There has been a growing focus on exclusion figures since analysis by ethnic background has revealed that pupils of African-Caribbean origin are several times more likely to be expelled as whites of the same gender.
In 2000/01, 38 in every 10,000 Black Caribbean pupils in England were permanently excluded. This was the highest rate for any ethnic minority group. Indian pupils had the lowest rate, at just three in 10,000 pupils. White pupils were expelled at the rate of 13 in every 10,000.
As with academic achievement, African Caribbean pupils are starting to close the gap as the numbers being excluded have fallen from a high of 60 per 10,000 in 1998/99.
Nevertheless there are serious concerns over the causes of this relatively high exclusion rate, particularly as evidence suggests that two out of every three pupils permanently excluded from school fail to return to full-time mainstream education.
Recent research has show an unusually high degree of tension and conflict between white teachers and African-Caribbean pupils. There is also evidence that teachers are more likely to have a more negative view of African-Caribbean pupils than those from other ethnic minority groups.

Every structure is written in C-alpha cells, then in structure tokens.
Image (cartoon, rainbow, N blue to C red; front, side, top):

Such findings have fuelled the calls for more black teachers and, from some quarters, for separate schools for black pupils, either on a full-time basis or as 'booster' Saturday morning schools.
There has also been a growing trend for families of Caribbean origin to send their children to the West Indies for a period of schooling there. Many parents believe discipline is better handled in Caribbean schools and that African-Caribbean teachers will have a better understanding of how to deal with their children's needs.
The presence of role models in schools is clearly important as a motivating factor for children however it's estimated only around 3% of teachers in Britain are from ethnic minorities, only around half the proportion in the population as a whole.
However, once again, recent trends suggest an improvement: the most recent figures showed that between 7 and 8% of new teacher recruits came from ethnic minorities.